Pedal power has been around for a while. But are turbo-charged eBikes the way forward? The specifications of electric bikes are impressive - but will the price put potential customers off?read more...»
‘Feel free to browse’ often strikes me as an odd sign in many shop windows. Why wouldn’t I feel free to do so? Well, the answer should have struck me by now. Apparently, many ‘bricks and mortar’ retailers are feeling the pressure from ‘showrooming’ – when people see something they wanted in a shop, try it, check the price online on their smartphone, find it’s cheaper, and walk out.
I’ve just been reading about the phenomenon and was reminded of the sign I’ve used to illustrate this blog, which appeared in a shop window after the British camera chain went into administration. "The staff at Jessops would like to thank you for shopping with Amazon". (I think any discussion of tax avoidance can be saved for another occasion).read more...»
This revision quiz tests knowledge of the role of product trial and gaining repeat purchase. The questions are particularly suitable for GCSE or other Level 2 students.
A new revision quiz here with 10 multiple-choice questions on branding and product differentiation, with the questions particularly suitable for GCSE or other Level 2 students.
This revision quiz has 10 multiple-choice questions on the product life cycle, with the questions particularly suitable for GCSE or other Level 2 students.
Bigger is better, or so it seemed to the UK supermarkets over the last 20 years. Size seemed to offer all kinds of advantages (or ‘economies of scale’ in business terms). Many of those economies are still very present for the larger chains (especially with purchasing and technical benefits), but I’ve been reading that this mood is shifting. Since the early 90s, the UK's £160bn a year grocery business has understood that one of the key routes to success has been the ability to open more and bigger shops.
Now it seems as though the major players have come round to thinking that size is not necessarily what matters, because shoppers are changing their habits fast. Has the “space race” run its course?read more...»
I’ve taken the title of this blog straight from a BBC article that will catch the attention of those of you who are interested in retail. What tricks have the retailers developed in recent years to get us to part with our hard-earned cash?
Here are some hooks to get you into the article:
- Why are sweets and chocolate always by the till in supermarkets? Why do they put the everyday essentials like bread and milk at the back of shop so you have to walk through as many aisles as possible to reach them?
- Why is the perfume and jewellery section always at the front of a department store?
- Why do some shops have low lighting? Why in Ikea do you have to do a loop of the whole shop rather than being able to get straight to the bit you actually want?
A classic example here of how earning a low contribution per unit can lead to big problems for a business if it does not sell high-enough volumes - particularly when fixed costs are high.
Nintendo's new "next-generation" console retails in the key US market for a selling price of $299. However, the (variable) cost of the components used and assembly are pretty close to the selling price, which leaves little if any scope for Nintendo to make a contribution on each console unit sold. Don't forget, it also needs to allow its retail and other distributors to earn a satisfactory margin too.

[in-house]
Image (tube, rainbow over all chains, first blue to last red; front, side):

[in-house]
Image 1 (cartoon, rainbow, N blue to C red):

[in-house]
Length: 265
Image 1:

Of course Nintendo can recoup much of the cost back through lucrative royalty payments from games-developers who are licenced to develop for the new console.
But the big problem for Nintendo would be if the Wii U fails to sell in large quantities. The early indications of consumer demand do not look good...
This excellent short video from CNN takes a look at the variable costs of making the Wii U.read more...»
Tesco's decision to acquire restaurant change has been described as "a very significant move". That's a nice piece of evaluation. So why has Tesco decided to diversify into the family restaurant market?read more...»
A great example here of premium-pricing in action. Most of us have to stretch our budget to afford around £500 for a high-end smartphone. So a price tag of $10,000 for a Vertu smartphone is well out of reach for the vast majority of potential users.
So what goes into such a premium product and which operating system does it use?read more...»
5 minutes of business studies gold here with an interview by Bloomberg with the CEO of global toy brand Lego. It is simply packed with core business concepts including market segmentation, innovation, competitive advantage and finance.
The growth story of Lego is an organic one. The business has never made an acquisition. It focuses on using new product development and innovation as the driver of revenues and profits - to great success. Since 2007, Lego has tripled its revenues globally and achieves an operating profit margin of almost 25%!
The strategy of Lego is summed up nicely by the quote: "We want to be the best, not the biggest".
In the video, Joergen Vig Knudstorp, chief executive officer of Lego, talks about the company's performance and the outlook for growth. Lego, Europe's biggest toymaker, boosted profit and market share in 2012 as demand for its new building block sets for girls propelled sales growth.read more...»
Take a look inside the Google campus here in this video which looks at how Google has approached the development of apps for the two key smartphone ecosystems - IOS and Android.
The video provides a useful and fascinating insight into the changing corporate culture of Google and the impact of Google CEO Larry Page who has transformed the business around the vision of innovative design (competing now with Apple?).
A good example of this is how Google redesigned the Gmail app that works on Apple's IOS operating system. It had to look like Gmail (Google) but have an Apple feel!
A real feature of this video is the importance of teamwork in app design - another strong feature of the Google culture.read more...»